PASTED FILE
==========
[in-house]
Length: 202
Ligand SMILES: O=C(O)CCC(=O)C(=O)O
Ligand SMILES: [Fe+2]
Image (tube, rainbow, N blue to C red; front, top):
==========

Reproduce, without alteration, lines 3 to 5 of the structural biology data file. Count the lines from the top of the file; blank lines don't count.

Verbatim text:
Ligand SMILES: O=C(O)CCC(=O)C(=O)O
Ligand SMILES: [Fe+2]
Image (tube, rainbow, N blue to C red; front, top):